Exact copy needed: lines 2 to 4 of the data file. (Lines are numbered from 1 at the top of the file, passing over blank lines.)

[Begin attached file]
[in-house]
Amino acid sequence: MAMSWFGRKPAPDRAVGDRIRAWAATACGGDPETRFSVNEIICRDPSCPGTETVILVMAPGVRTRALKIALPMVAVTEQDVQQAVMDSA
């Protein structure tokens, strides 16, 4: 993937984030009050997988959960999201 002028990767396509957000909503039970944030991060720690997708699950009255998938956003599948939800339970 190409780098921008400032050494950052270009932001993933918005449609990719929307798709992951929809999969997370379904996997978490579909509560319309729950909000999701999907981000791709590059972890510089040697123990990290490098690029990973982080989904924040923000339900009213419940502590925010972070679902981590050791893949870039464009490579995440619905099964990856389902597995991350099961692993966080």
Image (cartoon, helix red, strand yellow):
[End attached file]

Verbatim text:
Amino acid sequence: MAMSWFGRKPAPDRAVGDRIRAWAATACGGDPETRFSVNEIICRDPSCPGTETVILVMAPGVRTRALKIALPMVAVTEQDVQQAVMDSA
């Protein structure tokens, strides 16, 4: 993937984030009050997988959960999201 002028990767396509957000909503039970944030991060720690997708699950009255998938956003599948939800339970 190409780098921008400032050494950052270009932001993933918005449609990719929307798709992951929809999969997370379904996997978490579909509560319309729950909000999701999907981000791709590059972890510089040697123990990290490098690029990973982080989904924040923000339900009213419940502590925010972070679902981590050791893949870039464009490579995440619905099964990856389902597995991350099961692993966080």
Image (cartoon, helix red, strand yellow):